Raymond C. Rowe , American Pharmacists Association, 2003 - 776 halaman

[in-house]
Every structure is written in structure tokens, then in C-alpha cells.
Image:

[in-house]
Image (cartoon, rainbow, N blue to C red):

Pharmaceutical dosage forms contain both pharmacologically active compounds and excipients added to aid the formulation and manufacture of the subsequent dosage form for administration to patients. Indeed, the properties of the final dosage form (i.e. its bioavailability and stability) are, for the most part, highly dependent on the excipients chosen, their concentration and interaction with both the active compound and each other. No longer can excipients be regarded simply as inert or inactive ingredients, and a detailed knowledge not only of the physical and chemical properties but also of the safety, handling and regulatory status of these materials is essential for formulators throughout the world. In addition, the growth of novel forms of delivery has resulted in an increase in the number of the excipientsbeing used and suppliers of excipients have developed novel coprocessed excipient mixtures and new physical forms to improve their properties. The Handbook of Pharmaceutical Excipients has been conceived as a systematic, comprehensive resource of informationon all of these topics.
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